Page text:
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Obama on Race: Process over Product

The emerging position of Obama on race does not seem as much focused on end solutions to our most challenging problems, but rather more on the process of how sustainable solutions may be found.

What was revealed about President Barack Obama’s outlook on racial issues as he dealt with the controversy over the arrest of Harvard University Professor Henry Louis Gates Jr.? Interestingly, the principle view shown by the President was also highlighted by his Attorney General in a controversial speech he gave last February commemorating African American History Month.


After making unintentional remarks about the arrest of Professor Gates in his home by Sergeant James Crowley of the Cambridge police, President Obama extended an invitation to the gentlemen for a beer at the White House--a positive gathering which occurred on July 30th. The idea it seems behind the invitation is that direct communication between parties involved in a conflict (in this case, Dr. Gates and Sgt. Crowley) and a skilled third-party facilitator (here the President of the United States), can advance mutual understanding among the participants.

Attorney General Eric Holder also underscored the dialogue theme in his noted speech about race. He said that “we, average Americans, simply do not talk enough with each other about race,” and that “we must feel comfortable enough with one another, and tolerant enough of each other, to have frank conversations about the racial matters that continue to divide us.” Participatory communication to which Mr. Holder seems to refer is an internationally applied methodology that builds more productive racial-ethnic relations through inclusive direct dialogue. The process begins with groups building trust (by sharing and acknowledging life experiences), leading to expressions of regret. Racial dialogue and reconciliation at the local level can gradually become vehicles for participants to collaboratively plan and implement their priority socio-economic and environmental initiatives.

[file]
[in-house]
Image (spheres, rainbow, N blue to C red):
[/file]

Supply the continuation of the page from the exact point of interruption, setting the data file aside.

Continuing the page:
Mr. Holder’s comment in that speech received great (negative) attention--that we are “essentially a nation of cowards”--was directed at the reality that we as a nation commonly avoid inter-personal and -group dialogue on issues of race (and, for that matter, religion). People may not have the opportunity to participate in discussions about race, but also they may not want to in order to not feel the discomfort that can go along with conversing about how race can determine opportunities in life, for example. While recognizing it is difficult, Holder suggests that people ought to persist and talk through hard issues.

From these two incidences involving the President and the Attorney General, what can we learn about how the Obama administration might approach crux issues such as an apology from the federal government for slavery, affirmative action and reparations, and institutional racism (in the criminal justice system, the economy, health, and education) creating disproportionate levels of poverty and incarceration among African Americans particularly?